I continue to be entertained and ensnared by Stephen King’s Dark Tower series. A somewhat slow start snowballed into a tension-filled, exciting conclusion with a heck of a cliffhanger. (Sidenote: I have absolutely NO idea how one would adapt this series into a movie. It will be very interesting to see what the filmmakers do with this.) In the third installment, our three gunslingers from The Drawing of the Three, Roland, Eddie, and Susannah, are joined by a familiar face and a billy-bumbler, an adorable dog-like raccoonish creature named Oy, who is smart and sweet and loyal AND IF OY DIES IN LATER INSTALLMENTS I WILL LOSE IT. (But don’t tell me, please, if you’ve read this series.)
Man, this series is hard to write about without revealing major plot points. The Waste Lands opens with the three slowly making their way in the direction of The Dark Tower. Roland is not feeling so hot, and Eddie and Susannah (who’ve fallen in love) are worried about his mental state. Enter a giant sentient bear (!) named Mir who is going insane and suffering from some sort of gross disease. He rampages through their camp and (mild spoiler, but not really because it happens pretty early on) unsuccessfully tries to kill one of the three. When Mir is killed they find out that he’s got some kind of machine attached to his head, and it’s gone haywire. Roland tells Eddie and Susannah about the legends of the Twelve Guardians who stand guard at twelve different portals in and out of the world. At the center is the Dark Tower. Mir was apparently one of the guardians. So they just have to find the door it was guarding, and they’ll be that much closer to the Dark Tower. This all happens in the first 70 pages or so, and my edition was 590 pages, so there’s a lot of stuff I’m not writing about! There’s some shifting back-and-forth in the narrative between Mid-World and our world (late 1970’s era.) The gunslingers (plus the familiar face and the billy-bumbler) eventually end up in a seriously scary dystopian nightmare of a city for the thrilling conclusion of the book.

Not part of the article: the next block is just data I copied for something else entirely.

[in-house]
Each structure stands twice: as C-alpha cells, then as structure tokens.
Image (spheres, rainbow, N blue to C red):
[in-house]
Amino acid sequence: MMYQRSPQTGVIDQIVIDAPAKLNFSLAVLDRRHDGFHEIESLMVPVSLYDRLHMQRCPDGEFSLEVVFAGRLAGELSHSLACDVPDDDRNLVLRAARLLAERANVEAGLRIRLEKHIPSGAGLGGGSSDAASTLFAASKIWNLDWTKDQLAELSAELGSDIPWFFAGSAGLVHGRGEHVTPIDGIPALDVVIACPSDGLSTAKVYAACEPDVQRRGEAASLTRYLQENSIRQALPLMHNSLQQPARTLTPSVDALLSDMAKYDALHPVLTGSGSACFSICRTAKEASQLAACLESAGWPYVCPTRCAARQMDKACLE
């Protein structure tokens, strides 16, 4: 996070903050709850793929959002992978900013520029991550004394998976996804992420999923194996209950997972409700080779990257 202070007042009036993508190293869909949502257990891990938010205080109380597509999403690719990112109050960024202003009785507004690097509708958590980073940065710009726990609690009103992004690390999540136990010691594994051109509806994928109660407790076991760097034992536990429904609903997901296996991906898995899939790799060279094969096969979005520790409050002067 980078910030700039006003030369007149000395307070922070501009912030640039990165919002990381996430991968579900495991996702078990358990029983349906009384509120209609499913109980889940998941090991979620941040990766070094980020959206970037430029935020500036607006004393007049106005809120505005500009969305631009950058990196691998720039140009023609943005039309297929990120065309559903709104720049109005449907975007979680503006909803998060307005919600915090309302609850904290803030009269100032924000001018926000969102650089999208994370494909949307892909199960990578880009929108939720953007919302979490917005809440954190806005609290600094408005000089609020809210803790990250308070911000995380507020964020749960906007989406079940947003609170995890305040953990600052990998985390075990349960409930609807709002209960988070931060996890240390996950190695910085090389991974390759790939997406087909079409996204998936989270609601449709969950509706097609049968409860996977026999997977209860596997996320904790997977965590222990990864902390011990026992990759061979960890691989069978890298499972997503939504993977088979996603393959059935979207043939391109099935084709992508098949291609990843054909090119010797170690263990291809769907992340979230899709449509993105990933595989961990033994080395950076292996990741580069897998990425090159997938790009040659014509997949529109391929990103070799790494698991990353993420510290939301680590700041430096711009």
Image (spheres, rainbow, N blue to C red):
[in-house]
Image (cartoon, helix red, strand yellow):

What I like about this series so far, aside from the inventiveness of Mid-World and the compelling overarching mythology, is the camaraderie of our gang. Eddie and Susannah’s relationship is sweet and feels natural. Roland is assessing his companions in a new light given their growth since being pulled into Mid-World. They are now fully capable and on equal footing; Roland has learned to trust them. I am becoming attached to these characters, which I have a feeling is a dangerous thing to do and I quite possibly will be shedding some tears in future installments. I am really intrigued as to how King will resolve this series, so I definitely plan to keep reading.
I’ve read that the fourth book in the series, Wizard and Glass, goes back and fills in more of Roland’s backstory, and doesn’t pick up immediately where this one ends. If I’d been reading this as they were being published I would have been like What the heck, Stephen King? Six years later and you didn’t even tell me what happened to our gang?!? But I have the privilege of being late to the party on this one. So I’m not in a super hurry to read the next one. I’m taking a little break, at least until #20BooksofSummer is over in September. I’m kind of surprised by how much I like this series. As I’ve mentioned before, fantasy is not a genre I’ve read a lot in, and I had previously pegged Stephen King as a writer of “scary stuff” that I was too much of a wimp to read. But I guess it’s just another example of how, in life, we are only limited by the stories we tell ourselves about ourselves. I like being surprised by reading.
(This is book #6 of my 20 Books of Summer. I’m wavering on sticking to the rest of my list. In fact, I’m fairly confident that I’ll be substituting a whole lot of my original list with picks based on my mood for the rest of the summer.)
So what was the last “pleasant surprise” read for you, or a book or series outside of your reading comfort zone that you ended up really enjoying?